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Environmental Economics

Environmental Health and Child Survival: Epidemiology, by World Bank

By World Bank

Every year, hundreds of thousands of kids in constructing international locations fall ill and die from illnesses brought on by polluted air, infected water and soil, and negative hygiene habit. Repeated infectious additionally give a contribution to malnutrition in little ones, and therefore affects destiny studying and productiveness. This publication analyzes the linkages among malnutrition and environmental health and wellbeing, and assesses the load of affliction on little ones, and its monetary expenditures.

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However, evidence also shows that the burden of infections, in turn, often constrains the effectiveness of these supplementation programs. Likely, this effect is caused by malabsorption of key antimicrobial drugs, resulting in the emergence of drug resistance in impoverished areas (Guerrant, Lima, and Davidson 2000). Research has revealed that infectious diseases, such as diarrhea and respiratory infections, and intestinal worm burdens may modify the growth response to vitamin A supplementation (Hadi and others 1999; West 2003).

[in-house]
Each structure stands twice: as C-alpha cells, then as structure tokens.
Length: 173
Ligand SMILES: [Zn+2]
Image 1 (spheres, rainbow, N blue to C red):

The rotavirus vaccine has shown promise but still faces several technical hurdles before it can be used widely against diarrheal disease in developing countries (Banerjee and others 2006; Thapar and Sanderson 2004). Also important, rotavirus—unlike other intestinal pathogens—apparently is not strongly related to the lack of clean water, sanitation, and appropriate hygiene (Thapar and Sanderson 2004), perhaps because a low number of viruses is needed to infect an individual and because the virus tends to survive outside a host a long time—that is, it is difficult to “wash away” (Eisenberg and others 2006).

With growing demands for water, governments in developing countries are making some progress in extending coverage to improved water supply2 with large-scale water supply projects, especially in urban areas. From a health perspective, water quantity is generally more important than water quality, because increased quantities of water promote good hygiene and can prevent fecal-oral transmission by a number of different routes; increased quantities of water also reduce skin and eye infections (Boeston, Kolsky, and Hunt (c) The International Bank for Reconstruction and Development / The World Bank 40 ENVIRONMENTAL HEALTH AND CHILD SURVIVAL 2007).

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